To make a complicated situation even murkier, according to Klein, the city cannot simply augment Stuyvesant's budget to make up for the difference in its state funding and that of a poorly performing high school -- a process Klein called "supplantation." So, he said, if the state does not relent, the city would have to spend $400 million to avoid any reductions in individual school budgets. On the other hand, if the state relaxed its restrictions, the city would have to spend just $99 million to avoid the cuts.
To bolster his argument, Klein has said that a change in the city's school funding formula, enacted last year, already takes into account schools that have particular needs, such as large numbers of students living in poverty.
"When people say our high-needs schools are being underfunded, they don't understand that last year we took a huge step toward solving that problem," he has said.
If Klein thought this proposal would tamp down the anger over budget cuts or at least deflect it, he miscalculated -- badly. Whatever the merits of Klein's argument, it appeared to "backfire," as the Times put it. Some saw it as a bald-faced effort to provoke outrage from parents with children at elite school, who tend to be more vocal and have more political clout than parents of students at poor schools, many of whom do not speak English or understand the vagaries of New York City budget politics.
Several council members at the budget hearing agreed. "We have to avoid pitting the high-needs child against the low-needs child," said Mike McMahon.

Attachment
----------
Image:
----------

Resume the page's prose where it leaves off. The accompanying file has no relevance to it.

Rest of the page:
Other observers, including state officials, viewed Klein's comments as a move to shift blame."What you're trying to do in my opinion is hold a gun to Albany," said Jackson. "If I was a legislator in Albany, I would be enraged that you were trying to hold me hostage."
Many of Klein's critics, including Jackson, who was an original plaintiff in the Campaign for Fiscal Equity suit, noted that the suit was intended to help poorly performing schools or those with many students who are poor, do not speak English or require special education classes. "The lowest performing schools need more, not less," Jackson said.
"The funds are to bring all the schools to equal standing," said Councilmember Melissa Mark Viverito. Using it to plug holes in the budget from Bloomberg's cuts, she continued, "is something we would not support because that is not the intent of the funds…. I would ask the state not to consider or entertain that."
She probably does not have to worry. In public comments last week, various state officials said they would block any effort to relax controls on the money.
"There's no chance we're even going to consider what the chancellor is talking about," State Sen. Kevin Parker of Brooklyn told the Post.
State Assembly Speaker Sheldon Silver issued a statement saying, "If the city provided the funding as promised, there would be no need to discuss budget cuts for schools around the city."